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to complex, and some are even free. We all experience learning losses


when we don’t engage in any educational activities, so it’s important to continue to stimulate the brain over the break. Also, since children often experience stress and anxiety when getting back into the school routine after summer vacation, participat- ing in learning activities while on break can make the transition smoother! You may be wondering how to get


your children to participate in learning activities while on vacation. First, begin by asking your children about their school year, including what they learned, their favorite classes and what they enjoyed the most about school. T is will start a dialog between you and your kids that will help determine what areas you should focus on during the summer. It’s best to keep the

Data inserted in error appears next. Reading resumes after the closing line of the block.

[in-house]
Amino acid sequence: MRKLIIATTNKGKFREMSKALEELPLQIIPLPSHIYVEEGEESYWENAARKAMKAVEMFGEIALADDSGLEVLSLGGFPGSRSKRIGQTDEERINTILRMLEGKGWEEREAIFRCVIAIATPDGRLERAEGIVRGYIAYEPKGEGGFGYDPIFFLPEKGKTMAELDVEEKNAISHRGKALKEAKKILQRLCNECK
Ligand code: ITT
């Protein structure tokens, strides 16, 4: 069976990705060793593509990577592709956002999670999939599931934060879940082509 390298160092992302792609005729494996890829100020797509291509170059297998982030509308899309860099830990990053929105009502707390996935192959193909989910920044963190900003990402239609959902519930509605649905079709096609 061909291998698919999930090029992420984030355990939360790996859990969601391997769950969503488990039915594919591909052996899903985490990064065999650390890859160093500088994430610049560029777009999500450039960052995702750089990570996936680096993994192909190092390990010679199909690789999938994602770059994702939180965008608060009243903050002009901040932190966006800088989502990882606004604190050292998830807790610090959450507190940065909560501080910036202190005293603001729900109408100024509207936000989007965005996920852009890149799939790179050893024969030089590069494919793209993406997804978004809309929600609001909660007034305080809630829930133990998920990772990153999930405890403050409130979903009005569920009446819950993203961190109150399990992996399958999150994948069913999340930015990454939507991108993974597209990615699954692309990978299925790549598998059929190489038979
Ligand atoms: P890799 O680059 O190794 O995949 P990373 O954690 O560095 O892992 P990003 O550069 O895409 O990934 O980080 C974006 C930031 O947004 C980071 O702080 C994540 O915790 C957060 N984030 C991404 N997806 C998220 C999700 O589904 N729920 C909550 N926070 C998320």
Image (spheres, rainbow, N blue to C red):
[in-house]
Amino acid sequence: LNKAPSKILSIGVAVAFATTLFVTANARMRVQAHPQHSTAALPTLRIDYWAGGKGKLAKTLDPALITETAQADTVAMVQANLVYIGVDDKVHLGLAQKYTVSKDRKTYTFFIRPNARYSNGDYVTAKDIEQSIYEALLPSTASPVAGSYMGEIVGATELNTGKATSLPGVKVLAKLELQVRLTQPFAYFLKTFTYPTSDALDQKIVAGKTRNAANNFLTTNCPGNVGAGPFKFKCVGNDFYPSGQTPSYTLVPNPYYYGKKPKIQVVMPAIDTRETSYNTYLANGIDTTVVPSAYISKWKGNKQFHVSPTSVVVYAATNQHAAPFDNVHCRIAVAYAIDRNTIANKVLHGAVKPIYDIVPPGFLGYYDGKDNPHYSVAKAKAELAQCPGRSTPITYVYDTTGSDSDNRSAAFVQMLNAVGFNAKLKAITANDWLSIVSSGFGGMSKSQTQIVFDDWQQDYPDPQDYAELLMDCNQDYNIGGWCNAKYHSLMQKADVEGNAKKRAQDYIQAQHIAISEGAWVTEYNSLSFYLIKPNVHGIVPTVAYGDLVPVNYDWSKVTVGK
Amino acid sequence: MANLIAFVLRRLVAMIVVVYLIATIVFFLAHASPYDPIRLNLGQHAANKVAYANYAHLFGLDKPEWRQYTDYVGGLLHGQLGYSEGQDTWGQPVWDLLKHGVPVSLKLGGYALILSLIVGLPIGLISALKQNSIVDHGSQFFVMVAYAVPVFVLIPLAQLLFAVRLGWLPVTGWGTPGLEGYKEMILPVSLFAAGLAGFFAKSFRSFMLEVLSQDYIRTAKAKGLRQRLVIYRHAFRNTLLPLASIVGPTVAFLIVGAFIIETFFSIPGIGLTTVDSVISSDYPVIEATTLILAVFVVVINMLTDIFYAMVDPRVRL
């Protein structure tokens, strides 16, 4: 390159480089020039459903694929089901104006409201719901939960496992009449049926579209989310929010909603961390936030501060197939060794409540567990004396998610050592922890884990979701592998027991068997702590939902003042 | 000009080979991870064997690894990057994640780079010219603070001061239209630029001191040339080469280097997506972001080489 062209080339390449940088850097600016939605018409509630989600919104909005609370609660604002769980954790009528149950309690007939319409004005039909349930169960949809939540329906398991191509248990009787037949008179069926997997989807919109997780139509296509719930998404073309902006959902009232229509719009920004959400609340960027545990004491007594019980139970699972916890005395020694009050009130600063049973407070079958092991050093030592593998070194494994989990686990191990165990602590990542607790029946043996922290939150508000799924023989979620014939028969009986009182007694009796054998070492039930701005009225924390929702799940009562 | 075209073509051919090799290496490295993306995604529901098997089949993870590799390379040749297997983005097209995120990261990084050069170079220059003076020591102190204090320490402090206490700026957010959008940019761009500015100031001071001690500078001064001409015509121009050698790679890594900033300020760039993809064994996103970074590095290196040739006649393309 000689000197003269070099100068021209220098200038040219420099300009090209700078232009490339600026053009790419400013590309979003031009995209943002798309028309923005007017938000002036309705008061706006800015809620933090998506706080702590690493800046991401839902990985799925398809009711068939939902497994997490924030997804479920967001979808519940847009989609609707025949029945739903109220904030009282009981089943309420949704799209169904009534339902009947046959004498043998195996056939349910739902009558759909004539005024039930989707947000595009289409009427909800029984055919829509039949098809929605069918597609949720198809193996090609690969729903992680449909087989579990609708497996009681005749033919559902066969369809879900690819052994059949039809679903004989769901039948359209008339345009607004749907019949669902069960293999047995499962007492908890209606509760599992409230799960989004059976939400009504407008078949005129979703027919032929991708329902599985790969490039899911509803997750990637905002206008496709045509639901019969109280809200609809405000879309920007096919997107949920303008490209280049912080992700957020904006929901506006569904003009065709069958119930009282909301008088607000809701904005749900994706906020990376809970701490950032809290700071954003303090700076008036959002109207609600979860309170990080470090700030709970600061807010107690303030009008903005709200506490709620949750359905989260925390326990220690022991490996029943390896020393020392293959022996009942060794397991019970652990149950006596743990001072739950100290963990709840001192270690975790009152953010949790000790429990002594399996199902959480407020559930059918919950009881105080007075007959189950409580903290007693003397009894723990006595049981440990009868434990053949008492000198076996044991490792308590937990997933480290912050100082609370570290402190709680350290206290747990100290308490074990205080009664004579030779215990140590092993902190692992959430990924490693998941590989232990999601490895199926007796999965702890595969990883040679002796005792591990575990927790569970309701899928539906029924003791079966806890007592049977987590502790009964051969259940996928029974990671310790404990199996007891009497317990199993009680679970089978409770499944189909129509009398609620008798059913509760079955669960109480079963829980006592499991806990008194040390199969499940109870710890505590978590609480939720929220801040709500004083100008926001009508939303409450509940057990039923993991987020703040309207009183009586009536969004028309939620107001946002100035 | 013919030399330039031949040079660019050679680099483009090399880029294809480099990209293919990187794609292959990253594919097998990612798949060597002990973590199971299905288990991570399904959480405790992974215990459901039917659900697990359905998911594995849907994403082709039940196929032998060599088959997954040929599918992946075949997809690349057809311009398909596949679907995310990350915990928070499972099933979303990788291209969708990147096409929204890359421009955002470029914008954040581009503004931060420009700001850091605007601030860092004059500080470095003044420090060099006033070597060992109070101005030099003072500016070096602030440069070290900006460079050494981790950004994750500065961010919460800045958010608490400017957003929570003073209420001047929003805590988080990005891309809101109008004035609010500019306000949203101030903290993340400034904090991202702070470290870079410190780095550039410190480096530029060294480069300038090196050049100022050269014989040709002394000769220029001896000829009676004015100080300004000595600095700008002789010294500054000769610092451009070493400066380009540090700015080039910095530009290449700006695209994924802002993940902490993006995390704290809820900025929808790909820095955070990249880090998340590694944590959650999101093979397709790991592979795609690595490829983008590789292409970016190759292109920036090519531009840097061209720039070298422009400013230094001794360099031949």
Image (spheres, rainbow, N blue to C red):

Ready, Set, Grow


conversation simple and allow them to do most of the talking. Learning to express ideas and opinions is important for children as they develop their indepen- dence and social skills. Also, keep in mind that you should not use this talk as an opportunity to punish your kids for bad grades or misbehavior during the school year. Keep the conversation as positive as possible to obtain valuable information. Asking “why” questions will stimulate the conversation, show concern and help you understand the answers your kids provide. Children appreciate someone listening to them and showing concern. T e second thing you can do is sit


down with your kids to develop a list of fun activities. T is is a time to research activities off ered in your area, which may involve summer camps, local museums,


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